They say catfish have a face only another catfish could love. I disagree, even the mother catfish swims off and leaves her young alone as soon as she sees them, but brothers and sisters, they taste so good!
Millions of fishers flock to the waters of Texas to catch catfish, with just about as many different setup and baits to go around, for each one of them. Today I hope to share a basic terminal tackle rig with you. Let’s look at the basic slider rig. It’s called a slider rig because the line slides through the weight when the fish chomps on your bait. Hopefully the fish does not feel the weight as an ‘unnatural’ item and spit your bait out. If we tie a knot around the weight the fish may just feel the weight and spit the bait out. Here’s how to rig it!
Thread your egg sinker, or any weight that is designed to slip up and down the line, onto your fishing line. Make sure the weight is appropriate to cast with your fishing rod, you don’t want to try throwing a boat anchor with a flyswatter. Then slide a plastic bead up the line right behind the weight. This little plastic bead keeps the edges of the metal weight from digging against your knot and weakening it. A little bead may just save that big old Mr. Whiskers you’ve been after so don’t scrimp on them.
Next, tie on a barrel swivel to the end of your line. Make sure the barrel swivel eyes are heavy enough to hold the fish you are after. Also, make sure you get swivels with eyes large enough not to slide over the hole or brass loop in your sinker.
Once you have the weight, bead and barrel swivel in place tie in a piece of leader. A leader can be as simple as a piece of the line off your reel, any variation of line. Some folks like fluorocarbon, some monofilament and some still use nylon braids or steel leaders. The choice is yours, but most freshwater bottom fishers simply use a good strong piece of monofilament about 18 to 24 inches long as a leader.
So, now we have everything set up except the part that gets the point across (pun intended). The hook is exactly as critical as the fisherman is serious. A lot of catfishers are strictly out for a little time outside and if they catch a few well that’s great. On the other side of the coin there are catfish tournament pros. These serious-minded souls have put some thought and experimentation into their hook choice. Here are a few hook ideas and some catfish-brained logic behind them.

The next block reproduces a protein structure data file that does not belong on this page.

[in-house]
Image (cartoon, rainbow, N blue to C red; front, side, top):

The “J” hook. That’s the hook that looks just like the letter “J”. It’s been around a long time and everybody already has a few in their tackle box. Just make sure they are sharp and not rusted, especially around the hook eye.
There is also the “Kahle” hook. It has a sweeping gooseneck shaft that allows you to use thicker chunks of bait without having to widen the actual “gap” of the hook. These were the hook of choice for cut bait fisherman before the “circle hook” came on the scene.
Last, and surging to the front in popularity is the “circle hook.” Don’t ask me the physics of the thing, but these engineering marvels always seem to hit the fish right in the corner of the mouth when the fish starts struggling. There is an upside and downside to the circle hook. The up side is, as I already said, they catch the fish in the corner of the mouth an astounding percentage of the time. They don’t swallow the hook…ever. You don’t even have to guess when to set the hook, just start reeling when you know the fish is on. Therein is the only downside. If you try to “set” the hook with the typical herculean, wide sweeping power set that some folks love so much, the hook doesn’t do it’s magic and you miss a lot of strikes, but some of us just love that hook set so much we don’t want to let the fish have all the fun.
Some cat catchers prefer a treble hook. These type hooks are usually employed by fishers using different kinds of “stink baits.” There are dip baits, dough baits, and just about as many homemade concoctions as the fishing public can imagine. Treble hooks might also be a good choice if you use chicken livers or some other soft tissue bait like beef or pork liver.
One more treble hook joins the parade too. There is the regular treble hook with a spring or wire wrapped around the shaft of the hook. This added contraption actually gives dough type baits something additional to hold on to when we fling that bad boy out with a lot of gusto. They sure do help to keep you from unknowingly fishing with a bare hook from slinging your bait off while casting.
So, there is your basic catfish rig, a few hook ideas, and even a little “how to” on the rigging. Now it’s up to you to decide the “when to” and come on into Bass Pro Shops, Garland, TX to get your gear! Oh, and make sure you get that frying pan ready!